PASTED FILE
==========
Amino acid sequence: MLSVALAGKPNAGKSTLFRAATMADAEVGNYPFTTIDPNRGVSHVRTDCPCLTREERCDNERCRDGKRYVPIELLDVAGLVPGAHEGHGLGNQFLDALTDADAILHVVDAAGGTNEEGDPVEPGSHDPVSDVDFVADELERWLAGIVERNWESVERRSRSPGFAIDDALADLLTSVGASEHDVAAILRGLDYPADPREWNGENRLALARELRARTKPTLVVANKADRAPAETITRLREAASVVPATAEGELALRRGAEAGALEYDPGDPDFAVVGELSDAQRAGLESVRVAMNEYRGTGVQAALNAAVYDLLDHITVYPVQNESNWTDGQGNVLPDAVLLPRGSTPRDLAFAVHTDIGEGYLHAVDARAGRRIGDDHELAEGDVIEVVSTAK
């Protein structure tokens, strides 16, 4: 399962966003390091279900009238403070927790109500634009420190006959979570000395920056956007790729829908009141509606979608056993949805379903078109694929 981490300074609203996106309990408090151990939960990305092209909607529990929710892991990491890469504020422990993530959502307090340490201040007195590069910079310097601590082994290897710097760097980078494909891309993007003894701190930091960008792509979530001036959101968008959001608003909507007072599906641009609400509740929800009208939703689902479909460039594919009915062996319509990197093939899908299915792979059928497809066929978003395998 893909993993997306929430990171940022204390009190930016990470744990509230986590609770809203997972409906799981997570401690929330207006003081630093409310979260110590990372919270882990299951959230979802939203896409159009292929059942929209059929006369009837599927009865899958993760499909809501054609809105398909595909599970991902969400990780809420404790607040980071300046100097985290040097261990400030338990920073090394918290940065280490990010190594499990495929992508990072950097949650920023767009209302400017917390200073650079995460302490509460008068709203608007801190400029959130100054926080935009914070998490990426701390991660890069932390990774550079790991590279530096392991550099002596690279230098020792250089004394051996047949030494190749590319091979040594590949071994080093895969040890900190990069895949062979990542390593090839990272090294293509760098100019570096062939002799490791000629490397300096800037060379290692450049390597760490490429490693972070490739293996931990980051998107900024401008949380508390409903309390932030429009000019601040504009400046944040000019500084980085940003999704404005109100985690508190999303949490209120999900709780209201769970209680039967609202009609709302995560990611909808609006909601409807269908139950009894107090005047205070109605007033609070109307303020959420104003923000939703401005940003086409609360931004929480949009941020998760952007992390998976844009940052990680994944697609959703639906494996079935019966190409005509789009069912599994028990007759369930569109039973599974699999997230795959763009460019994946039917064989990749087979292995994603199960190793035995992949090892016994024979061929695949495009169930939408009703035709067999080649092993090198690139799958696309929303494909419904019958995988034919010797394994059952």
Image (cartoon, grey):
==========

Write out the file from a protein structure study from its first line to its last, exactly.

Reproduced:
Amino acid sequence: MLSVALAGKPNAGKSTLFRAATMADAEVGNYPFTTIDPNRGVSHVRTDCPCLTREERCDNERCRDGKRYVPIELLDVAGLVPGAHEGHGLGNQFLDALTDADAILHVVDAAGGTNEEGDPVEPGSHDPVSDVDFVADELERWLAGIVERNWESVERRSRSPGFAIDDALADLLTSVGASEHDVAAILRGLDYPADPREWNGENRLALARELRARTKPTLVVANKADRAPAETITRLREAASVVPATAEGELALRRGAEAGALEYDPGDPDFAVVGELSDAQRAGLESVRVAMNEYRGTGVQAALNAAVYDLLDHITVYPVQNESNWTDGQGNVLPDAVLLPRGSTPRDLAFAVHTDIGEGYLHAVDARAGRRIGDDHELAEGDVIEVVSTAK
């Protein structure tokens, strides 16, 4: 399962966003390091279900009238403070927790109500634009420190006959979570000395920056956007790729829908009141509606979608056993949805379903078109694929 981490300074609203996106309990408090151990939960990305092209909607529990929710892991990491890469504020422990993530959502307090340490201040007195590069910079310097601590082994290897710097760097980078494909891309993007003894701190930091960008792509979530001036959101968008959001608003909507007072599906641009609400509740929800009208939703689902479909460039594919009915062996319509990197093939899908299915792979059928497809066929978003395998 893909993993997306929430990171940022204390009190930016990470744990509230986590609770809203997972409906799981997570401690929330207006003081630093409310979260110590990372919270882990299951959230979802939203896409159009292929059942929209059929006369009837599927009865899958993760499909809501054609809105398909595909599970991902969400990780809420404790607040980071300046100097985290040097261990400030338990920073090394918290940065280490990010190594499990495929992508990072950097949650920023767009209302400017917390200073650079995460302490509460008068709203608007801190400029959130100054926080935009914070998490990426701390991660890069932390990774550079790991590279530096392991550099002596690279230098020792250089004394051996047949030494190749590319091979040594590949071994080093895969040890900190990069895949062979990542390593090839990272090294293509760098100019570096062939002799490791000629490397300096800037060379290692450049390597760490490429490693972070490739293996931990980051998107900024401008949380508390409903309390932030429009000019601040504009400046944040000019500084980085940003999704404005109100985690508190999303949490209120999900709780209201769970209680039967609202009609709302995560990611909808609006909601409807269908139950009894107090005047205070109605007033609070109307303020959420104003923000939703401005940003086409609360931004929480949009941020998760952007992390998976844009940052990680994944697609959703639906494996079935019966190409005509789009069912599994028990007759369930569109039973599974699999997230795959763009460019994946039917064989990749087979292995994603199960190793035995992949090892016994024979061929695949495009169930939408009703035709067999080649092993090198690139799958696309929303494909419904019958995988034919010797394994059952």
Image (cartoon, grey):